World Coins

Lighthouse adds Intercept Shield technology to quadrum holders

Lighthouse Publications’ new Quadrum Intercept holders pairs the firm’s Quadrum coin storage system with Intercept Shield, which guards against corrosion.

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New coin holders pair Lighthouse Publications’ Quadrum coin storage system with patented Intercept Shield technology.

The first joint products featuring the technology were unveiled in late February during the American Numismatic Association National Money Show in Atlanta. Leuchtturm Albenverlag, parent company of Lighthouse, announced the joint partnership in Berlin in early February, during the World Money Fair. 

The effort is intended to offer collectors supply products that provide active protection against tarnishing. The Quadrum storage program allows collectors to store coins of varying sizes in a uniform system.

Intercept Shield “is truly the gold standard in coin storage,” according to Max Stürken, managing director and one of the owners of Leuchtturm. “Our partnership brings together this market-leading technology and the world’s largest provider of collecting supplies.”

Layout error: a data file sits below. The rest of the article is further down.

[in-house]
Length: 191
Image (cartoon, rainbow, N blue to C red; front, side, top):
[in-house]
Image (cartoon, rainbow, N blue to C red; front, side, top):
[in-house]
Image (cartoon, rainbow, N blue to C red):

Eric Werner, president of Lighthouse Publications, said that the availability of Intercept products has waned in recent years, and Lighthouse wanted to return them to the market.

New Quadrum Intercept snaplocks (measuring two inches square) are now available, and boxes for “slabs” and snaplocks will be added later this year. Further items are being developed.

Lighthouse plans to distribute the products widely through coin supply distributors, coin dealers, and through the Lighthouse website,

Intercept Shield combats corrosion caused by substances in air that can react with the metal of coins. Possible threats includes nitrous gases, ozone and corrosive gases such as hydrogen sulphides, ammonia, carbonyl sulphide and chlorine compounds.

A foam insert inside the Quadrum Intercept products neutralizes “harmful atmospheric substances inside the capsule, so that the coin is stored in a non-corrosive micro-climate,” according to the firm.

The corrosive gases form a bond with highly porous copper particles embedded in the plastic  before bonding with the coin, Werner said.

For more information, visit the firm’s website,

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